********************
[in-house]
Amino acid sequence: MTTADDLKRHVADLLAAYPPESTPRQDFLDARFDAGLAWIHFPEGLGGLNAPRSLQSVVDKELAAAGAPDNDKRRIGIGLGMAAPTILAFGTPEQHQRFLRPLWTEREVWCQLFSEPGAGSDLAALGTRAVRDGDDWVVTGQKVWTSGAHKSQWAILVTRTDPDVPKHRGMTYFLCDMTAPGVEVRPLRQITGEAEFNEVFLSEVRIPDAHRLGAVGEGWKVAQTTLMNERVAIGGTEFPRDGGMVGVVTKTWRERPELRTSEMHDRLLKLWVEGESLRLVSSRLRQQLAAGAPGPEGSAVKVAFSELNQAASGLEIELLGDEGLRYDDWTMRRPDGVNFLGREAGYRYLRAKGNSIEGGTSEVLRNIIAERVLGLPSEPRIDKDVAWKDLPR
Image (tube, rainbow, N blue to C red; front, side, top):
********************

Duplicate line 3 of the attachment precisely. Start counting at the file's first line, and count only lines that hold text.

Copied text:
Image (tube, rainbow, N blue to C red; front, side, top):